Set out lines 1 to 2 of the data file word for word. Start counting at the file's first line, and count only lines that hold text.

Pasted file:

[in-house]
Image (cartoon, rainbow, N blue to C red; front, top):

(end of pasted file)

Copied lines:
[in-house]
Image (cartoon, rainbow, N blue to C red; front, top):